“Cuyahoga River Way” doesn’t have quite the same ring as “Rocky Mountain Way,” but some of northeast Ohio’s most famous rock heroes met up (and celebrated another, lesser known one) in Los Angeles Tuesday night, when the Black Keys were joined on stage at the Forum by Joe Walsh.
The Cleveland-Akron summit encompassed two songs about two-thirds of the way through the duo’s show, with tandem guitar leads ensuing. The sellout arena crowd particularly took to Walsh’s fiery addition on the familiar “She’s Long Gone,” a song from the breakout album “Brothers” that the Black Keys have been performing on tour for nearly a decade now.
But perhaps the bigger treat for some geeks was a song the duo has apparently never performed publicly before: a cover of the song “Water Street,” by the late Cleveland-area rocker Glenn Schwartz. Although it wasn’t explicitly mentioned, Schwartz was Walsh’s predecessor in the James Gang in the late ’60s.
Auerbach is a megafan. Telling the Forum audience about first encountering Schwartz at a Cleveland club show when he was a teenager, Auerbach said, “You guys may not know him, but he was really important to me, and he blew my f—ing mind when I was 16. And this was Glenn’s guitar right here, and this was the guitar he was playing that night. Little did I know, when Joe was at an impressionable age, he walked into a bar and he saw Glenn Schwartz and it blew his mind and it made him want to play rock ‘n’ roll music, just like it made me. So in honor of our good friend Glenn Schwartz, we’re gonna play one of his songs, all right?”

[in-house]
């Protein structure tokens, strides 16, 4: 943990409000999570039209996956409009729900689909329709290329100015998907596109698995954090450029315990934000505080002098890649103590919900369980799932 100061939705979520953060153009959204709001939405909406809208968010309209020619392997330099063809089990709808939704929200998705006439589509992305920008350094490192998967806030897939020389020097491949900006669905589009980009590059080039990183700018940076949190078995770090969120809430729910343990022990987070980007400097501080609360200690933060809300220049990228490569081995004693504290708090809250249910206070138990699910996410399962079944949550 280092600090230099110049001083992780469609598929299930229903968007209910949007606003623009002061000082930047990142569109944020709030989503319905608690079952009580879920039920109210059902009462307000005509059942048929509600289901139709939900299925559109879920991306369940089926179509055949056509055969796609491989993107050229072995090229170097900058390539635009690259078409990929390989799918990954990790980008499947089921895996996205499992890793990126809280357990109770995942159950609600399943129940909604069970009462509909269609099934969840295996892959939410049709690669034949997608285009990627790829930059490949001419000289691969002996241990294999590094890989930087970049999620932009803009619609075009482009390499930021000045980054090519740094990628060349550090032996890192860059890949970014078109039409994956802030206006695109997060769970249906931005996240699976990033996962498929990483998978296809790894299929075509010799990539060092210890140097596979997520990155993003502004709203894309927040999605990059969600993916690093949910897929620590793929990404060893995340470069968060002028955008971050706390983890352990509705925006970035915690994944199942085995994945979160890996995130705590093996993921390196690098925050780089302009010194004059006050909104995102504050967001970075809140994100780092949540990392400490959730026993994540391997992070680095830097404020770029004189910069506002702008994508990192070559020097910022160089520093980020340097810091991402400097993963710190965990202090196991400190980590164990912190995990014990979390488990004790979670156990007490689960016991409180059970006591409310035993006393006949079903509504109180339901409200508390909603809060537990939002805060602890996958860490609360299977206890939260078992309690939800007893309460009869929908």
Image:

Variety can exclusive reveal that an album Auerbach, Walsh and Schwartz recorded together back in 2016 will finally be coming out in 2020, on Auerbach’s Easy Eye Sound label.
Auerbach befriended the late cofounder of the James Gang — and his successor, Walsh, re-friended him — before Schwartz died in November of 2018 at age 78. The three of them played a gig together at a Nashville honky-tonk in 2016, then followed it with a jam at the Coachella Festival during an appearance there by Auerbach’s other band, the Arcs. It was around that same time the three of them went into a recording studio, the results of which will finally be heard next year.
After leaving the James Gang, Schwartz hooked up in L.A. with Pacific Gas & Electric, which in 1970 had a top 20 hit with “Are You Ready?” He soon left secular music behind, with his evangelical zeal leading him to form one of the seminal Christian rock groups, the All Saved Freak Band — a group that appealed to young religious devotees looking for heavy guitar music in the mid-’70s, but obscure now even to most students of religious pop. The group’s 1970s catalog was just re-released on vinyl and CD, with the Light in the Attic specialty catalog label distributing.
After the All Saved Freak Band split up, Schwartz returned to playing Cleveland clubs, where he would preach between songs, as he did even in the couple of gigs he shared with Auerbach and Walsh.
“Glenn was my biggest rock ‘n’ roll inspiration,” Auerbach told Cleveland magazine upon Schwartz’s death last year. “I saw him at Hooples when I was 18 and things were never the same for me. There would be no Black Keys without Glenn Schwartz, that’s for sure. I really miss him. He was a sweet man; he loved the Lord and loved music so much. I really respected his conviction.”